The asset debates: How (not) to use asset indices to measure well being and the middle class in Africa
- Publisher: Oxford University Press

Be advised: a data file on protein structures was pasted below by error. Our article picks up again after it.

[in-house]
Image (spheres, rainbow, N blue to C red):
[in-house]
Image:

Asset indices are ubiquitous in the debate about wellbeing in African countries, not least because of the paucity of traditional household income and expenditure data. Indeed, asset data have fuelled the creation of a new, more optimistic picture of wellbeing in Africa, where both income and the middle class are growing fast. This is the first review of the use of asset indices for African countries. Readers are guided through key debates over the use of asset data, including the use of assets to measure trends over time as well as socio-economic status and class. We argue that the theoretical and empirical advantages of the asset index over traditional welfare measures are clear, but that caution is needed. Most asset indices show significant improvements in private wealth and social welfare in African countries due to increases in the number of household assets and improvements in health and education. However, we argue that simplistic conclusions in the economics literature about the growth of income or of a ‘middle class’ using asset indices are poorly founded.
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